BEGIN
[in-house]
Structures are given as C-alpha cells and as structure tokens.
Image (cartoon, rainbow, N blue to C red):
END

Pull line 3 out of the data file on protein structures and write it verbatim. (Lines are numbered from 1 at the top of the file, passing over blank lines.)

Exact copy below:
Image (cartoon, rainbow, N blue to C red):